That health care policy you’re purchasing may have less protection than you intended. Some insurance representatives may engage in deceptive marketing practices, a report from the Government Accountability Office found.

Original Source: cnbc.com

gen z homeownershipLeonardo Patrizi/E+/Getty

 

Gen Zers have homeownership on the mind, but their financial confidence may be waning. 
The coronavirus pandemic has left one in four Gen Z workers jobless, which could throw a wrench in their future plans. 
But there may be a silver lining: Home prices are expected to decline and mortgage rates are at record lows.
Policygenius can help you compare homeowner’s insurance policies to find the right coverage for you, at the right price »

Like each generation before them, American Gen Zers long to become homeowners.

A recent survey of 18 to 25-year-olds by Morningstar revealed that 83% want to purchase a house within the next 10 years — but less than half (39%) feel optimistic about achieving that milestone. The median age of survey respondents was 21. See the rest of the story at Business Insider

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too low mortgage ratesMorsa Images/Getty Images

 

Mortgage rates are at historic lows, and while there are no hidden fees that accompany a low APR, there are a couple trade-offs to keep in mind.
You may find a lower rate with an adjustable-rate mortgage (ARM) than with a fixed-rate mortgage, but the ARM rate could increase when the introductory rate period ends.
If your down payment is under 20% of the home value, you’ll have to pay private mortgage insurance (PMI), which could add hundreds or thousands of dollars to your annual payments.
You probably don’t need to rush to buy a home with a low rate, because mortgage APRs will likely stay low in 2021.
Policygenius can help you compare homeowner’s insurance policies to find the right coverage for you, at the right price »

Mortgage rates are at historic lows, so it could be a good time to buy a home. But you may be wondering whether there is a downside to low rates.

In short — nope, there’s no catch. A low APR can save you thousands over the life of your loan.See the rest of the story at Business Insider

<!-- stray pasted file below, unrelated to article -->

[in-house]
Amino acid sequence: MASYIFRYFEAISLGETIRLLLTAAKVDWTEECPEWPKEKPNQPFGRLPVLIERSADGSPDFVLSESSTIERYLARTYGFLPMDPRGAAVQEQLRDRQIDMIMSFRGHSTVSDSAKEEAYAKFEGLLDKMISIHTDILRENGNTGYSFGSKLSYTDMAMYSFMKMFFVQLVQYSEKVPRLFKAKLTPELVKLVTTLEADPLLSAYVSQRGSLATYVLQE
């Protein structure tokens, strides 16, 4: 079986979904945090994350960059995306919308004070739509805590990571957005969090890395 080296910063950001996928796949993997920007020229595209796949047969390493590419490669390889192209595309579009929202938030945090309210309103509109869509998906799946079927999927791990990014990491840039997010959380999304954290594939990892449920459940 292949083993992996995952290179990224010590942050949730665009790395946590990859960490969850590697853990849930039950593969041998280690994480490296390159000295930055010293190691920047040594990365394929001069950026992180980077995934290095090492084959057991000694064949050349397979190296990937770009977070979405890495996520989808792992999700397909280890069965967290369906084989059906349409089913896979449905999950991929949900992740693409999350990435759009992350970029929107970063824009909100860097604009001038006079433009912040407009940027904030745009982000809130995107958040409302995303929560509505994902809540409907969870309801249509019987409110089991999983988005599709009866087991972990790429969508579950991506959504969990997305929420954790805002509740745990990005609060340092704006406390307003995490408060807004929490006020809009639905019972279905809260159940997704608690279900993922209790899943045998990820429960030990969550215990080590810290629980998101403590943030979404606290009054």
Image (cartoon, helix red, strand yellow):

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Original Source: feedproxy.google.com

US housing marketadamkaz/Getty Images

US home mortgage delinquencies surged to the highest level since November 2011, according to a Monday report from Black Knight. 
Total borrowers more than 30 days late skyrocketed to 4.3 million in May from 3.4 million in April, the report showed. 
In addition, more than 8% of all US mortgages were past due or in foreclosure, according to Black Knight.
Read more on Business Insider. 

The number of US home mortgage delinquencies has surged to the highest level in nine years as the coronavirus pandemic continues to hit family finances. 

Total borrowers more than 30 days late surged to 4.3 million in May after a record jump to 3.4 million in April, according to a Monday report from Black Knight. In addition, more than 8% of all US mortgages were either past due or in foreclosure, the report showed. See the rest of the story at Business Insider

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US weekly jobless claims hit 1.5 million, bringing the 13-week total to 46 millionMay’s blockbuster retail sales report overshadowed shifting consumer trends that could widen inequality in the USHomebuilder sentiment posts a record jump in June, signaling a housing-market rebound from the coronavirus pandemic

Original Source: feedproxy.google.com

Bank of American ATMStephen Chernin/Stringer/Getty Images

US bank deposits have grown by a record $2 trillion since January, when the coronavirus pandemic first hit the country, according to FDIC data.
In April alone, bank deposits grew by $865 million, more than the previous record for an entire year of inflows. 
Bank deposits have been boosted by unprecedented fiscal stimulus amid the pandemic, including one-time checks to households and the Paycheck Protection Program.
Read more on Business Insider.

A record $2 trillion of cash has been piled into the deposit accounts of US banks since the coronavirus pandemic first hit the country in January, according to data from FDIC

In the week ending June 10, deposits in US banks totaled $15.47 trillion, according to the FDIC. That’s nearly $2.2 trillion more than the $13.3 trillion that banks had in their deposit accounts at the end of February, the data showed. See the rest of the story at Business Insider

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US weekly jobless claims hit 1.5 million, bringing the 13-week total to 46 millionFormer Fed Chairs Ben Bernanke and Janet Yellen signed a letter with 130 top economists imploring Congress to prevent ‘prolonged suffering and stunted economic growth’Homebuilder sentiment posts a record jump in June, signaling a housing-market rebound from the coronavirus pandemic

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